Cyberpunk RPGs Since 2017 Week 1

With my look at the TTRPGs published in ten years ago, I’ve moved on to another list: Cyberpunk. I’ve pulled together a list of 75 or so cyberpunk core systems, reskins, or major sourcebooks for games produced since 2017. I’ll be briefly going through those in alphabetical order. I thought about doing chronological order, but it’s a small span of time. This list will build on my earlier History of Cyberpunk RPG which went up to 2016.

2084 (2020)
A setting sourcebook for the Spanish generic rpg, Hitos. Hitos has sourcebooks for Crime, Supernatural Mysteries, Westerns, and more. Each of these seem to be half-sourcebook, half-module, like a Savage Worlds supplement.

This game is focused on an oppressive, dystopian future following a Third World War which left much of the Earth uninhabitable. Survivors were gathered into institutions which have total control over the citizenry. It’s a little off-tone for me as it seems to have the United Nations as the villainous overlords oppressing the populace which echoes right-wing conspiracy stuff too much to make me comfortable.

2400: Various
@JasonT has created a really sharp simple sci-fi rpg. It has a PWYW core rules set and a bunch of smart little setting releases. Several are cyberpunk or adjacent: Codebreakers, a Matrix-inspired setting of breaking out of the simulation; Inner System Blues, is a retro-future gritty world; Data Loss, has you dying again & again and coming back with a little less each time; Resistors, where you play activist hackers against the corps.

I dig that Jason tweaks these games regularly and offers several formats. Plus there’s a great bundle of all of these campaign frames available.

Aetherium (2019)
Not a crypto-currency. This is based on a “skirmish level miniatures board game set in a cyber-mindscape where the world changes with the will of the players.” That’s fairly well rated on BGG. Ironically, when I went to look at their website for info, I couldn’t as there’s WordPress error on their website.

The game itself seems to be focused on hacking and creating objects within this virtual world. There’s some interesting ideas here about artificially generated scarcity and the VR world being used as a means of control. They have a few adventures as well as a GM screen available. The interior layout and design looks exactly as you’d imagine a present day slick, clean cyberpunk-flavored game to appear.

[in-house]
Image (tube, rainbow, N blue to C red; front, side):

Android: Shadow of the Beanstalk (2018)
A sourcebook for the Genesys System, there’s also The Worlds of Android, which is a system agnostic sourcebook recommended in A:SotB. I’m unsure how much information duplicates between them. This is FFG’s cyberpunk IP, originally from a series of boardgames and then notably adapted as the background for their now canceled LCG.

It wants to have a Blade Runner vibe– the original boardgame was a neo-noir detective story. But the setting’s more expansive and glam than that, though you can still see some influences (like the Bioroids). I know that on these lists I’ll be poking fun at some of the layouts, ones that follow an obvious look. Android kind of falls into that category, but it does it well– a combination of strong text design and amazing and consistent illustrations.

It’s a great resource for games like these to have a large body of existing illustrations (see also recent L5R editions). That’s perhaps where the gap between Blade Runner’s aesthetic and this one occurs. There’s images of what’s supposed to be the underworld– people and places– but they’re all smooth and clean.

If you’re looking for a fully-realized setting sourcebook to set a cyberpunk campaign. This one is pretty decent– lots of ideas and room to play, both on Earth and beyond. It’s a kitchen sink, low punk approach, but it is well developed.

Augmented Reality (2017), November Metric (2017), Dystopian Dreams (2019)
I want to use the entry for Augmented Reality to highlight a couple of other sourcebooks (for existing systems) which wouldn’t otherwise make this list. These latter two offer really interesting world building and are super useful to mine for ideas for anyone running cyberpunk.

Augmented Reality is a system-agnostic book of tables of random elements (jobs, people, smells, businesses). It’s an amazing inspirational resource. The first version had some problematic terms and ideas, but the author made changes.

November Metric is a citybook for The Sprawl (2016). It has amazing world-building and is filled with cities around the globe. The various authors come at them from different perspectives but all offer great hooks and background elements.

Dystopian Dreams is a sourcebook for Headspace (2016). Its material is a lot more baked into its particular setting, but it remains a great and useful sourcebook for distinct locations with their own plots, vibe, and voice.